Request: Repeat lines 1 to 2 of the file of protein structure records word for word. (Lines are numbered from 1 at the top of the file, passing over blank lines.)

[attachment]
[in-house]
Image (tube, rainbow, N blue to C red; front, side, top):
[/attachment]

[in-house]
Image (tube, rainbow, N blue to C red; front, side, top):